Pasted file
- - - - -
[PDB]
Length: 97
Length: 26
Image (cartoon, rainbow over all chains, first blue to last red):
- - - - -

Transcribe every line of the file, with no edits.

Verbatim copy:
[PDB]
Length: 97
Length: 26
Image (cartoon, rainbow over all chains, first blue to last red):